Mesenchymal stromal cells (MSC) is the most commonly used type of stem cells in clinical trials. Due to low number in freshly isolated mononuclear cells, MSC usually undergo ex vivo expansion. There are a lot of open questions in clinical-grade expansion of MSC. For example:
- what are the best culture media and supplements?
- how many passages and population doublings should we keep them going?
- how markers expression correlate to proliferation rate and potency throughout the culture?
Answer to some of these questions you can find in the study, published today Stem Cells Translational Medicine. This study provides results of long-term MSC expansion observation, correlation between different supplements and proliferation rate, differentiation and markers expression:
… the aim of the study described here was to carry out a comprehensive investigation of the effect of growth factor and other supplements on MSC self-renewal and differen- tiation potential. Specifically we have investigated the effect of ascorbic acid (AA), EGF, FGF-2, IL-6, PDGF-BB, transferrin, or Wnt3a on in vitro expansion of MSCs in long-term continuous cultures through to cellular senescence.
The most interesting conclusion for me:
1. Appropriate combination of supplements (AA, FGF-2, and PDGF-BB) allows 1000-fold expansion of bone marrow-derived MSC.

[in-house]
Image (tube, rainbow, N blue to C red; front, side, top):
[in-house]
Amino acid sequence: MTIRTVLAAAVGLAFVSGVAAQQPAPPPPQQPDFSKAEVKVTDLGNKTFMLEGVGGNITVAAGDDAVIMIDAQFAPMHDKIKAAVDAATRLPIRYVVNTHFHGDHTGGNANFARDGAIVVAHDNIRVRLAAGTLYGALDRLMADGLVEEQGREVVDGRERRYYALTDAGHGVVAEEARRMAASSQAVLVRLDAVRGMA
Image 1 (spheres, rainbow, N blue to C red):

Under control conditions MSCs were able to undergo 10 cell doublings in approximately 100 days of culture before reaching senescence, whereas in the presence of FGF-2 the cells under- went approximately 25 cell doublings in the same time period.
2. Long-term culture was associated with loss of osteogenic/adipocytic differentiation before reaching of senescence. The authors defined a link between particular supplements and loss of adipo-/ osteogenic potency.
MSCs were able to undergo substantial osteogenic and adipogenic differentiation up to passage 6 and to a lesser extent at passage 8.
In considering a suitable method for therapeutic application it is therefore necessary to select a supplement that maximizes cell doubling prior to the loss of potential for differentiation.
3. Markers expression during long-term MSC proliferation in culture is not correlated with loss of differentiation potential.
Cells expressed surface markers including CD146, CD 105, CD44, CD90, and CD71 by flow cytometry throughout, and expression of these putative stem cell markers persisted even after loss of differentiation potentials.
These data suggest that the use of cell surface markers as characteristic criteria for MSCs might be misleading and not indicative of MSC stemness. Use of surface markers may therefore be limited for distinguishing MSCs from HSCs during initial isolation and sorting. Similarly there was no alteration in CD44 and CD90 with culture conditions, whereas the CD146, CD105, and ALP expression profile was regulated by supplementation with FGF-2, EGF, AA, and PDGF-BB.
If you culture human MSC, you should not miss this study! The article is freely available for registered readers.